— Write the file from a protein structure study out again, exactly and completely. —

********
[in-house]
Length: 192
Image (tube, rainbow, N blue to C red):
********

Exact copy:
[in-house]
Length: 192
Image (tube, rainbow, N blue to C red):